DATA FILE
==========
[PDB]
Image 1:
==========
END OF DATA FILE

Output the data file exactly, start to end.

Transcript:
[PDB]
Image 1: